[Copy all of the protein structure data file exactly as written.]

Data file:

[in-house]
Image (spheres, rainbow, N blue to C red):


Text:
[in-house]
Image (spheres, rainbow, N blue to C red):